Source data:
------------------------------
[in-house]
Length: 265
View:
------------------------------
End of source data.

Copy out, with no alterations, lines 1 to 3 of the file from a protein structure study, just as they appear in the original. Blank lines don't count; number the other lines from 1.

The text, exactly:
[in-house]
Length: 265
View: